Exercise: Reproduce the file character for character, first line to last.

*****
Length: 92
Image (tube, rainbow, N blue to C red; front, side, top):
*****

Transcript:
Length: 92
Image (tube, rainbow, N blue to C red; front, side, top):